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Anti Ballistic Missile Treaty

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NEWS
January 23, 1999 | RICHARD C. PADDOCK, TIMES STAFF WRITER
Russia sought to downplay its foreign policy differences with the United States on Friday but warned that it will firmly oppose any effort by the U.S. to modify the Anti-Ballistic Missile Treaty. Preparing for U.S. Secretary of State Madeleine Albright's visit to Moscow on Monday, Russian Foreign Minister Igor S. Ivanov struck a conciliatory tone despite recent differences over Iraq, Kosovo and other parts of the world.
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OPINION
January 15, 2003
Why are we dancing to North Korea's tune ("There's a Method to Pyongyang's Madness," Jan. 11)? We should adapt a modification of the mutually assured destruction policy of the Cold War (with its proven effectiveness) into an "assured destruction" policy toward North Korea (and Iraq), meaning that any use of weapons of mass destruction will immediately result in our offshore submarines launching total destruction on their capitals. No need for huge, expensive military buildups and no need to maintain bases in hostile or potentially hostile countries.
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NEWS
February 26, 1987
U.S. intelligence agencies have uncovered evidence that the Soviets are dismantling missile-defense radar systems at Sary Shagan, one of their missile test centers, in Kazakhstan. Informed sources said some State Department officials view the dismantling as a bid to address U.S. claims of Soviet violations of the 1972 Anti-Ballistic Missile Treaty, which limits defenses against nuclear missiles.
CALIFORNIA | LOCAL
May 4, 2001
Re "Bush Makes His Case for a U.S. Missile Defense," May 2: By moving the arms race into space, the Bush administration is making sure that its friends in the aerospace industry will make hundreds of billions of dollars at the expense of further militarizing our fragile planet while dumping the bill on unknowing taxpayers. How can you "maintain peace" through domination? Haven't we learned yet from our sordid military past that more nuclear weapons only mean more instability and a greater chance for nuclear annihilation?
NEWS
August 11, 1986
The "Star Wars" missile-defense program should be part of arms-reduction talks with the Soviets but the U.S. bargaining stance should remain secret, the Air Force general who runs the program said on NBC's "Meet the Press" program in Washington. "I do not believe it's 'Star Wars' or arms control. I believe it's 'Star Wars' plus arms reduction," said Lt. Gen. James A. Abrahamson, who heads the Strategic Defense Initiative program.
OPINION
June 8, 1986
My worst fears that the Reagan Administration was never really interested in concrete arms agreements with the Soviet Union were confirmed by statements made by Secretary of State George P. Shultz and Defense Secretary Weinberger that the United States is no longer abiding by the 1979 Strategic Arms Limitation Treaty (SALT II) and has rejected Soviet efforts to win a long-term commitment to the existing 1972 Anti-Ballistic Missile Treaty. In my opinion the real reasons behind this negative and dangerous attitude is that the right-wing elements in the Reagan Administration are more interested in securing profits for the missile manufacturers than acting for the security of the American people, who are being pushed to the bring of a nuclear holocaust by this acceleration of the arms race.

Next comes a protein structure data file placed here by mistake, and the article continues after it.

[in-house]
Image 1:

CALIFORNIA | LOCAL
March 23, 1987
Pike's article takes note of what may be an interesting turning point: Richard Perle's resignation seems to mark the end of an era in Soviet-American relations. Perle's public service reflected the public consensus of the 1970s and early 1980s. As Pike points out, the European allies no longer follow his hard line against the Soviet Union, and Chairman Sam Nunn (D-Ga.) of the Senate Armed Services Committee announced that he could no longer support Perle's position concerning the Anti-Ballistic Missile treaty.
CALIFORNIA | LOCAL
September 24, 1986
Gray's article on SDI is so full of airy generalities it's difficult to come to grips with it. But he tips his hand when he says that "The all-purpose claim that strategic defense would be destabilizing is increasingly acknowledged by the critics to be improbable, unless the Soviet Union unilaterally deploys new defenses in addition to its huge strategic offensive arsenal." What does he mean "unilaterally" if we're the ones who start the new cycle? Does he really think they would not develop their own SDI if we do?
NEWS
September 24, 1996 | From Associated Press
U.S. Secretary of State Warren Christopher and his Russian counterpart announced a "milestone" agreement Monday clarifying the legality of certain U.S. weapons used to defend against slower-flying ballistic missiles. "This important progress assures that we can effectively defend against theater ballistic missiles while ensuring the integrity of the Anti-Ballistic Missile Treaty," Christopher said after meeting with Russian Foreign Minister Yevgeny M. Primakov. "We reached a milestone," he said.